Seismic performance of tailings dams
Started: March 2018
Fundings: The National Commission for Scientific and Technological Research (CONICYT – Chile); Dixon Scholarship (Department of Civil & Environmental Engineering, Imperial College London).
The mining production worldwide results in vast amounts of residues leading to the construction of new tailings dams. As site availability is limited due to environmental restrictions, tailings dams tend to be very large, with heights over 200m, often raising stability concerns.
Past experience has shown that failures of tailings dams during earthquakes can be catastrophic, with detrimental consequences for the local communities, environment and the economy. Prominent examples of such cases are the failure of the El Cobre Dam in Chile due to the 1965 earthquake and more recently the failure of Fundão tailings dam in Brazil in November 2015. Therefore, it is important to ensure both the static and seismic stability for this dam type.
There are several aspects and challenges relating to the stability analysis of tailings dams which are not common in comparison with traditional earth dams: a) the construction methods are closely dependent on the availability of coarse fraction of the tailings material (usually sand); b) tailings dams normally include a basal drainage system that maintains the control of the water level inside the dam; c) they are usually constructed with highly compacted sand and d) tailings slimes are deposited with high water content.
Project description and research aims
This research project investigates both the static and dynamic response of tailings dams through advanced finite element (FE) analyses, in which the behaviour of tailings sands and slimes is modelled rigorously in accordance with the critical state framework. Selected case studies are considered, for which both geotechnical and seismic data are available. The analyses are performed with the Imperial College Finite Element Program (ICFEP; Potts & Zdravkovic, 1999), following closely the construction sequence in order to reproduce realistically the static in-situ stresses of different tailings construction configurations. The seismic response is evaluated in time domain considering all aspects of the response of tailings sands and slimes under dynamic loading, including liquefaction, during strong ground motions.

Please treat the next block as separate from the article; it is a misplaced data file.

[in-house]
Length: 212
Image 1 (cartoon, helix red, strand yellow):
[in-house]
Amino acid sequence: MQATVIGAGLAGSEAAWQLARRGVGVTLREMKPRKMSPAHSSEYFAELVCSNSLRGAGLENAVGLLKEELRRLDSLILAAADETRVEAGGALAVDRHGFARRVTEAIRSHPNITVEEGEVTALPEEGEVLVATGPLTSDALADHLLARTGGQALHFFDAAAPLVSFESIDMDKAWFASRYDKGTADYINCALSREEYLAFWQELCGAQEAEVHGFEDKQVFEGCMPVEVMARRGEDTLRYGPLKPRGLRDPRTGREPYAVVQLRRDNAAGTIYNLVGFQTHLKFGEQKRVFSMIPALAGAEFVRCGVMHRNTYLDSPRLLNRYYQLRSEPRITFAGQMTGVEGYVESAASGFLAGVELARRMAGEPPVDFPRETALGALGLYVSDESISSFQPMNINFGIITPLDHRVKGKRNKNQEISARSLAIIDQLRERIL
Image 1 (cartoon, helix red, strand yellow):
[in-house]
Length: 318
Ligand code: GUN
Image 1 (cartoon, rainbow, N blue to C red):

The research aims to improve the understanding of the mechanisms leading to instability of tailings dams and hence contribute to advancements in their design, in terms of the adopted configuration and construction methods. The possibility of adopting less conservative slope profiles and the construction through centre-line configurations, under both static and seismic conditions, is one of the issues to be examined. The ultimate aim is to provide guidelines for the development of cost-effective alternative design solutions for the mining industry.
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